These places in Penang are so Instagrammably beautiful that you’ll have to bring a camera with you – and maybe one of those selfie sticks, too.
With extensive coastlines, thickly forested hills and not one—but two—bridges linking the island and mainland, Penang is never short of beautiful sights. But if you’re wondering about places you can take pictures of and lepak (mill around aimlessly) at, we have the top places for you.
Built in 1818, this is the oldest Anglican church in Southeast Asia. The architecture features elements of Georgian, neo-Classical and English Palladian designs, which were particularly popular in the early 19th century. Supported by four major columns in the front and an octagonal steeple reaching into the sky, this church is an architectural expression of goodwill and religion during the British colonial era.
This may be the smallest national park in Malaysia, but its wealth of flora and fauna can rival that of any other site. With over 400 plant species and 150 bird species, this park is impressive for its living tropical ecosystem. The hills are dense, the beaches pristine, and long-tailed macaques friendly (as long as you don’t provoke them). Entrance is free.
We’ve been here three times and we’re still ‘ooh’ing about it. With over 15,000 free-flying butterflies and hundreds of exotic plant species, who wouldn’t be sighing with joy? A standard entrance fee is RM 60 (USD $15) for adults, though you’ll get a discount if you have a MyKad. Be careful where you step, as a few of these delicate creatures enjoy sunbathing on the ground.
If you want to infuse exercise into your vacation, try a three-hour hike at the Penang Hill. Dense foliage, long-tailed macaques and sweltering heat can be expected, so bring water and a hat. The most popular starting point is the arched Moon Gate at the Botanical Gardens, and if you time your hike correctly and arrive at the peak at dusk, this is the stunning view you’ll get.
Located at the western tip of Penang island, this neo-Baroque building is the home of the Municipal Council. Arched windows and serial colonnades form the exterior design of this establishment, which sits beside the Esplanade in front of the sea. You won’t be able to enter the building, but Instagram-worthy shots are easy to take from outside and the Esplanade.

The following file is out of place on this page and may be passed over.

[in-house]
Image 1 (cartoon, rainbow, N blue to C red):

Hin Bus Depot is Penang’s center of subculture. With an art gallery, kefir stands and wall murals, it doesn’t get any trendier than this. Millennials will love vegan eatery Wholey Wonder, while coffee connoisseurs will enjoy the light roast espressos at Bricklin Cafe. On Sundays, a handicraft market operates between 11 a.m. and 5 p.m., featuring song, food and wickedly sophisticated handiwork.
This early 20th-century home of a Chinese tycoon has been turned into a museum for all. Featuring East-meets-West architectural elements, including English floor tiles and Chinese carved wood doors, you can explore the opulent lifestyle and artifacts of the wildly successful Kapitan Chung Kwee Keng. A guided tour costs RM 20 (USD $5) and is well worth the fee.
Locals either come here to walk, jog, or make their dogs walk and jog. The promenade is the main feature of this modern mall, extending all the way to the Straits Green on one side, and a high-end residential compound on the other. The view of sunrise here is like no other, but if you prefer sunset, come by after 6.30 p.m. and you’ll be able to witness the sky turning shades of crimson, yellow and red.
This extensive garden is where locals come to power-walk and practice tai chi. Spanning 72 acres, this garden is further divided into 12 subsections, including the cactus house and horticulture center. Set up in 1884 on a former granite quarry and hosting hundreds of flora species, this expansive garden is probably the most popular park in Penang.
This quaint colonial-style hotel was the brainchild of the Sarkies brothers in 1885. Originally built to cater to the luxurious lifestyles of British colonialists and merchants, this hotel remains one of the most expensive hotels on Penang island. Hermann Hesse, Somerset Maugham and Rudyard Kipling were known to have spent time here. Feel inspired to write a book? It’s in the air.